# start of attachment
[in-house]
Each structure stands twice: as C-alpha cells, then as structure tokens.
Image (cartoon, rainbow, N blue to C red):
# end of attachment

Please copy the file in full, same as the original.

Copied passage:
[in-house]
Each structure stands twice: as C-alpha cells, then as structure tokens.
Image (cartoon, rainbow, N blue to C red):